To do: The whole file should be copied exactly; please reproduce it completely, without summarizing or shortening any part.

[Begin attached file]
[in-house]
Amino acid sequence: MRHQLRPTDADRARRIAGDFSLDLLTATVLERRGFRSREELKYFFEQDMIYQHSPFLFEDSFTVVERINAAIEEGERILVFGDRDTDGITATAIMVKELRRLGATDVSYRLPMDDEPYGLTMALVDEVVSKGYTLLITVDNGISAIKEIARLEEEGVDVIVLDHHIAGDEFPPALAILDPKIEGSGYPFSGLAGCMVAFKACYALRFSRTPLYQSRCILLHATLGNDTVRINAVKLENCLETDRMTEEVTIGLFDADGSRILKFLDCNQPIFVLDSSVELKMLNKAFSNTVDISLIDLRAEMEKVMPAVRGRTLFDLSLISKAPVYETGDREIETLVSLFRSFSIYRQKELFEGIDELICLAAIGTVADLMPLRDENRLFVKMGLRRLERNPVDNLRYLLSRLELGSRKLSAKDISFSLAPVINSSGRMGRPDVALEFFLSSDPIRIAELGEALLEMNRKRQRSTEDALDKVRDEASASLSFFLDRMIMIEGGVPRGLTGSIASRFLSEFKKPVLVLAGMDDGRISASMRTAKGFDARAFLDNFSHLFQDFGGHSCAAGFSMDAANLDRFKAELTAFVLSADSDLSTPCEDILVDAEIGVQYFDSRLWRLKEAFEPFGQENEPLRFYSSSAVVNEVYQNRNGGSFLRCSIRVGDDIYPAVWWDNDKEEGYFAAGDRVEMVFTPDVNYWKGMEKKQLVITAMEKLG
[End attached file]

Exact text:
[in-house]
Amino acid sequence: MRHQLRPTDADRARRIAGDFSLDLLTATVLERRGFRSREELKYFFEQDMIYQHSPFLFEDSFTVVERINAAIEEGERILVFGDRDTDGITATAIMVKELRRLGATDVSYRLPMDDEPYGLTMALVDEVVSKGYTLLITVDNGISAIKEIARLEEEGVDVIVLDHHIAGDEFPPALAILDPKIEGSGYPFSGLAGCMVAFKACYALRFSRTPLYQSRCILLHATLGNDTVRINAVKLENCLETDRMTEEVTIGLFDADGSRILKFLDCNQPIFVLDSSVELKMLNKAFSNTVDISLIDLRAEMEKVMPAVRGRTLFDLSLISKAPVYETGDREIETLVSLFRSFSIYRQKELFEGIDELICLAAIGTVADLMPLRDENRLFVKMGLRRLERNPVDNLRYLLSRLELGSRKLSAKDISFSLAPVINSSGRMGRPDVALEFFLSSDPIRIAELGEALLEMNRKRQRSTEDALDKVRDEASASLSFFLDRMIMIEGGVPRGLTGSIASRFLSEFKKPVLVLAGMDDGRISASMRTAKGFDARAFLDNFSHLFQDFGGHSCAAGFSMDAANLDRFKAELTAFVLSADSDLSTPCEDILVDAEIGVQYFDSRLWRLKEAFEPFGQENEPLRFYSSSAVVNEVYQNRNGGSFLRCSIRVGDDIYPAVWWDNDKEEGYFAAGDRVEMVFTPDVNYWKGMEKKQLVITAMEKLG